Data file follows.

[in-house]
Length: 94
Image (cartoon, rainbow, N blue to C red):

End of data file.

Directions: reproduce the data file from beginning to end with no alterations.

[in-house]
Length: 94
Image (cartoon, rainbow, N blue to C red):